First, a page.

Boys are bullyied all the time at schools (and other places) for being feminine or even nerdy.

For all men, think about your relationship with your own father.

How has that affected you as a man, husband or father?

There are things you can do right now to heal from your past. And ways to become the father you’ve always wanted to be. Here are 4 of those things:

1. If your relationship with your own father was less than ideal, admit it to yourself. The first step is to acknowledge it and admit it. Did you receive the unconditional love you wanted? Not only in words, but in actions? Did your father engage with you? Did he treat you with respect and allow you to cry on his shoulder whenever you needed it?

2. Grieve your experience. Sometimes it’s not obvious, but grieving things you wish you had from your parents helps us move on. When men (especially) grieve it’s instrumental to their success as future amazing fathers.

3. Forgive your father. This is easier said than done, depending on how deep the pain is. I’ve heard some incredibly difficult and awful situations. This may be the most difficult step. Remembering that our fathers also had their own experiences from birth on might help with this process. When you can truly say (in your mind or out loud): “Dad, I forgive you. You did the best with what you had and what you knew. ” This is when you can truly start healing and moving on.

4. Love your children and yourself, the way you wanted to be loved as a son. Giving the love we never received to our children is extremely powerful, it can heal our own heart beyond measure. Yes, it’s hard to give something we never got ourselves. Loving our children unconditionally, growing beyond our own experiences will bring much needed healing to our hearts. After all, what we give we get back. So, it ends up being a wonderful circle of love.

Joshua and baby Jude

For all good fathers, science is on your side. Being present from day one is important.

For example, in hormonal studies fathers show increased levels of oxytocin (the hormone of happiness and love) during the first weeks of their babies’ lives. This hormone increases feelings of bonding between parents and children.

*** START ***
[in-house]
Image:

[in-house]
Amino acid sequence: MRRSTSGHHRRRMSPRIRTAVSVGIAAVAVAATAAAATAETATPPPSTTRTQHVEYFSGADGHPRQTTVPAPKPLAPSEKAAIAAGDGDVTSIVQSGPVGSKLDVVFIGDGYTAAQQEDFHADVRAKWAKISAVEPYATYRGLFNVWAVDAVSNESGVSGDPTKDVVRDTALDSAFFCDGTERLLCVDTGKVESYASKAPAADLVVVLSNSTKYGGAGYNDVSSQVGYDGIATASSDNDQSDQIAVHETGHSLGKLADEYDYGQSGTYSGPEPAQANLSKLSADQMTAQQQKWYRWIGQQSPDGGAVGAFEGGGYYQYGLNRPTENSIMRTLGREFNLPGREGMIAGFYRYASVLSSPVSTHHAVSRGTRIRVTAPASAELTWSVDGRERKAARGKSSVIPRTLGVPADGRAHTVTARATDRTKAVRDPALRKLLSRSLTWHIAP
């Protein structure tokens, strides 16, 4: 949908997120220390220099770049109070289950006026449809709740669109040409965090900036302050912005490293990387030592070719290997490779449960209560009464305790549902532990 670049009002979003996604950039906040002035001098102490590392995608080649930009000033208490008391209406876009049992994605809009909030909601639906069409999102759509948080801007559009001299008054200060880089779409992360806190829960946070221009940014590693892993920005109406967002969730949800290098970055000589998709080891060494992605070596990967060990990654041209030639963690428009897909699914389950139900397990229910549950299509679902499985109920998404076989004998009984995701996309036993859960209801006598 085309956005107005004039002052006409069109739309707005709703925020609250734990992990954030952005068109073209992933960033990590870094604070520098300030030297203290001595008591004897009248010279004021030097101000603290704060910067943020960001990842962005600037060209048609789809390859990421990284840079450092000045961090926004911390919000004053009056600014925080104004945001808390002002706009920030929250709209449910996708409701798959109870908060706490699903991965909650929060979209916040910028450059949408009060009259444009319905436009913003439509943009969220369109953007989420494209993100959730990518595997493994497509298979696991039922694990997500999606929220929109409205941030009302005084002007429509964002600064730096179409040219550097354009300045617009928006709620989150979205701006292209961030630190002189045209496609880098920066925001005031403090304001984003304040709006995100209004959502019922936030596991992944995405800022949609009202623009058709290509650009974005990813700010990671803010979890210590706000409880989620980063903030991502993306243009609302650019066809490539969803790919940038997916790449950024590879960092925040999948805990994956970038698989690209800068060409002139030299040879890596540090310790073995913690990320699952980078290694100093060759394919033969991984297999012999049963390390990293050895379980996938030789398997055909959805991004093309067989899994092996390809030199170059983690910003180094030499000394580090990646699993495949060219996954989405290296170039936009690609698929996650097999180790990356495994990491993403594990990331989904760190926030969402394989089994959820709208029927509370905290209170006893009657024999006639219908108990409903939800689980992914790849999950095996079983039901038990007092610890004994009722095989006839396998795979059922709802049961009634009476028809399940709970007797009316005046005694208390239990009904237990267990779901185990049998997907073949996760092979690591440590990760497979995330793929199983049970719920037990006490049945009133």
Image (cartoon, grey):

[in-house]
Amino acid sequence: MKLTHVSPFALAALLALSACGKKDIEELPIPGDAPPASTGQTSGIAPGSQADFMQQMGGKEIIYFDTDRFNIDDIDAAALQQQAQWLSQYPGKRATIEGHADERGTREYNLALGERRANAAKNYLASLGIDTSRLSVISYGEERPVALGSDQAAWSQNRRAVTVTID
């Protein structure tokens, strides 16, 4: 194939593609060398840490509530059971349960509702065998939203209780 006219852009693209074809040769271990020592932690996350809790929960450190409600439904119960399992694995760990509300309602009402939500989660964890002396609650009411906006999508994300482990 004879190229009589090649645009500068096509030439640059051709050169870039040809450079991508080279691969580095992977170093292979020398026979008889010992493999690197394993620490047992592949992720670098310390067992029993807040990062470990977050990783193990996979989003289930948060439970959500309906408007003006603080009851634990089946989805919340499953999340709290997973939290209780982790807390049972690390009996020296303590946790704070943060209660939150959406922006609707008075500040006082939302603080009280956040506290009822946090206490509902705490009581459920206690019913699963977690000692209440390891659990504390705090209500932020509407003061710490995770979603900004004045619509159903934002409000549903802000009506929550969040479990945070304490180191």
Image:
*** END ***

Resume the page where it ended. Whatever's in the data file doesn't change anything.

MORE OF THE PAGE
According to a 2010 study published in the journal Biological Psychiatry, by playing with their babies, fathers also get a wonderful boost of oxytocin. This decreases mood disorders (including post-partum depression) in fathers.

When fathers bond with their child it leads to a decrease in the “macho” hormone associated with aggressive behavior.

Quality time matters. This doesn’t have to include spending a lot of money on your child on fancy things. It means being present, showing them you are there for them. Making them feel important, respected, accepted, heard and most importantly, loved.

This isn’t only amazing for our children, but it encourages nurturing behavior in fathers. Nurturing and love for themselves and their child.

When all this is done, and bonding happens, fathers feel that they matter.

I acknowledge that men have a natural instinct to protect and provide for their family. And they don’t have to lose that side of who they are.

But to our men, I also say: Cry. Give. Care about people. Read a lot. Teach. Learn. Commit. Read (a lot). Think. Evolve. Transform. Love and be loved.

After all, these are not ‘feminine’ or ‘masculine’ but rather HUMAN qualities.

Protect and HEAL yourself. This is the only way to heal the world.

Dr. Joel Kahn, Margaux and her daughter Olivia

Margaux is the CEO of one of the most popular organic, natural, cruelty-free deodorants, “The Best Deodorant In The World”, a company she started out of her kitchen. It can now be found in stores and online world-wide. Her passion is helping families understand the importance of eliminating toxins, living sustainably and using amazing, natural products that don’t harm our bodies, animals or planet.

Margaux consults with parents on how to start a company like hers from scratch, and how to create an income while staying home with their children. She is a compassionate, heart-centred entrepreneur who works with parents and company owners, both new and already established. Operating by two very simple philosophies: “People over profit” and “Profit With a Purpose”, she has been able to follow her heart and make an impact in her client’s lives. When she is not with her husband and 3 children, much of her time is spent with parenting experts, birth practitioners, medical professionals and natural living celebrities.

She has built close friendships with many of the world’s most accomplished and respected practitioners, authors, speakers, doctors, midwives, doulas, parenting experts and celebrities in the birth, parenting and entrepreneurial spaces.

Margaux just completed a book “Ultimate Guide To Organic Groceries” with Joanne Young, who is personal chef to Gisele Bundchen and Tom Brady.